Do these sound open?:  No, but they sound a heck of a lot more open than other closed back models I have heard.  You'll have to take into account that most of my previous experience comes with external sound setups, so I always think the soundstage of even super open headphones are restricting.  I would describe the soundstage as more tall than wide - it layers the music a bit - which depending on your tastes can add something to the sound.  The lows sound as if they are resonating from a lower position than the highs, rather than the lows surrounding the rest of the spectrum as I have heard in other audio setups (even external).  The mids do a good job of tying the rest of the spectrum together, even if subtly.  If any part of the spectrum is accentuated, it is the mids (I still think they're flat).  These image fine, and exceptionally so for a closed can, but the soundstage is not at all wide.  I would be curious to hear the QP400 to compare.

 

Can I hear dynamic range etc?: Yes, that comes more from the quality of the file - whether or not normalization was used, etc - than the headphone GENERALLY.  In fact, being a flat headphone makes it easier to experience the dynamic range the artist intended.  I think this is the biggest advantage an acoustically flat audio device brings to the table.  There is no bias in the headphone to color over any particular note or part of the spectrum that artist him/herself intended to "color" in the recording.  THAT is why I prefer flat sonic responses... more well rounded than strong in a particular category, making these solid for just about every type of music, gaming, TV, etc.  This headphone was definitely targeted for professional use, and the dynamic range perception really is the highlight.  If the artist wants a track to be lively or laid back, you'll get just that.

Unfortunately, when Senndroid and I exchanged a listening session, he had his Senn 595s and not his 650s.  I plan on writing a very detailed review of these headphones for the sake of head-fi (and the headphone, because I really feel they don't get the attention they deserve - probably due to the lack of entry level gear offered by MB Quart (old)/German Maestro (same manufacturers from old MB).  In order to write the most accurate review however, I would like to put them up against Senndroid's HD 650 given that almost the entire community is familiar with that headphone.  It could be a month or so before I get the opportunity.

To answer the isolation question... unfortunately the price of having an okay soundstage for a closed headphone is the isolation.  They isolate some, certainly enough to be considered "closed", but my HD 448 isolate leagues better.  This being said, I think it mainly has to do with the lack of clamping force these headphones have.  Honestly, these headphones are surprisingly feathers... and apply about the same pressure on the head as pillows.  The dual headband is high quality plastic and cloth, with the cloth portion resting on your head.  I log hours and hours on headphones as a college student, 4+ hour listening sessions frequently, and not once have I thought these weren't comfy.  Stellar isolation is the cost of comfort and soundstage in this case.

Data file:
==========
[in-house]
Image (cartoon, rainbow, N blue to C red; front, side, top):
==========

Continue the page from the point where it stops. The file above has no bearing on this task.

I will be curious to hear your impressions upon receiving your GMP 450 PROs

 

Also, did you get different pads, or just a replacement set?  This may alter the sound.


I surely will write my impressions on the GMP 450 Pro, but can't promess the most valuable opinion because I have no other full sized headphone to compare them with.

I will try to compare it to the MB Quarts QP 450 and 400 (which I auditioned) from my memory and to the Head Direct RE0 IEM (on the aspects on which IEMs and full sized headphones can actually be compared).

 

Since I want a double duty headphone (music enjoyment and amateur mixing/tracking/monitoring) and being aware of how the different earpads change the sound of the GMP line of headphones, I decided to order the headphone plus 2 different sets of earpads: 41-6049 and 41-6050.

And for further modding/tunning I also ordered 2 pairs of dust protector: 18-6052.

 

This way I will, hopefully, be able to tune the sound the way I want to... for example:

Want to enjoy music? keep the stock earpads.

Want to do some tracking or mixing? Put the 41-6050 earpads.

The sound is to bright or dark? The bass is not right? The mids are to recessed? The highs are to sharp? Put 2 dust protectors in each earcup with a layer of felt or cotton in between.

It's like having several headphones in one, but at the base a driver able to deliver a fully capable and balanced within it's enclosure/earcups.

 

The GMP 450 Pro is a balanced, neutral and transparent headphone in the first place and it seems to be very easy to tune it's sound from there just by playing with earpads and dust protectors - felt, cotton or whatever combinations. This is a rare combination of traits as far as I know and it attracts me.

 

I wonder how an angled set of earpads would change the sound of this headphone...

 

R-Audiohead are your SP-1's earpads stitched or just tied with elastic bands to the plastic casing? Are you able to rotate the earpads in a way that the oval opening become horizontal instead of vertical? Could you tell me if you can hear any change on the sound after doing that?